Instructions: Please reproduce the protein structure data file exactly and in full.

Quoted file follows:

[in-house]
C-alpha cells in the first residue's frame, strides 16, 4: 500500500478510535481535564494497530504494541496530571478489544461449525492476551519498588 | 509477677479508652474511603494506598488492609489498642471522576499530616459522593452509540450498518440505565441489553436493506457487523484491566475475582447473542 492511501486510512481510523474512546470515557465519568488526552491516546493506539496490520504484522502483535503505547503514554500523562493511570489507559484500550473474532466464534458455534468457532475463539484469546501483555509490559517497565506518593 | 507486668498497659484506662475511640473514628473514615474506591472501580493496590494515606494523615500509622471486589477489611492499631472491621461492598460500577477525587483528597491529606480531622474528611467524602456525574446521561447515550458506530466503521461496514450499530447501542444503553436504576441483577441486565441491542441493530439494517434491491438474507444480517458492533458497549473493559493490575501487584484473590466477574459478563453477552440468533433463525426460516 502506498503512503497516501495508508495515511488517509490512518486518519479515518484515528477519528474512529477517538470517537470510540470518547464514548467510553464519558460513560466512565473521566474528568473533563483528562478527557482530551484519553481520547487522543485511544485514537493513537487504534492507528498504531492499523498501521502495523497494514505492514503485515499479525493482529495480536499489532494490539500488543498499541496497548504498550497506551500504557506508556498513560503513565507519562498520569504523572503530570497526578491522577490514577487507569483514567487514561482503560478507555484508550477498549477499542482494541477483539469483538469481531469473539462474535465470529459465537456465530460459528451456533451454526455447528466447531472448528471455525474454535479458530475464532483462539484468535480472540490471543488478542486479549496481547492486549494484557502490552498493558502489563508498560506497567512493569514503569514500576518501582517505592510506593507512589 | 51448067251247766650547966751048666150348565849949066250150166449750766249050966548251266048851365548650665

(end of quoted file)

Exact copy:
[in-house]
C-alpha cells in the first residue's frame, strides 16, 4: 500500500478510535481535564494497530504494541496530571478489544461449525492476551519498588 | 509477677479508652474511603494506598488492609489498642471522576499530616459522593452509540450498518440505565441489553436493506457487523484491566475475582447473542 492511501486510512481510523474512546470515557465519568488526552491516546493506539496490520504484522502483535503505547503514554500523562493511570489507559484500550473474532466464534458455534468457532475463539484469546501483555509490559517497565506518593 | 507486668498497659484506662475511640473514628473514615474506591472501580493496590494515606494523615500509622471486589477489611492499631472491621461492598460500577477525587483528597491529606480531622474528611467524602456525574446521561447515550458506530466503521461496514450499530447501542444503553436504576441483577441486565441491542441493530439494517434491491438474507444480517458492533458497549473493559493490575501487584484473590466477574459478563453477552440468533433463525426460516 502506498503512503497516501495508508495515511488517509490512518486518519479515518484515528477519528474512529477517538470517537470510540470518547464514548467510553464519558460513560466512565473521566474528568473533563483528562478527557482530551484519553481520547487522543485511544485514537493513537487504534492507528498504531492499523498501521502495523497494514505492514503485515499479525493482529495480536499489532494490539500488543498499541496497548504498550497506551500504557506508556498513560503513565507519562498520569504523572503530570497526578491522577490514577487507569483514567487514561482503560478507555484508550477498549477499542482494541477483539469483538469481531469473539462474535465470529459465537456465530460459528451456533451454526455447528466447531472448528471455525474454535479458530475464532483462539484468535480472540490471543488478542486479549496481547492486549494484557502490552498493558502489563508498560506497567512493569514503569514500576518501582517505592510506593507512589 | 51448067251247766650547966751048666150348565849949066250150166449750766249050966548251266048851365548650665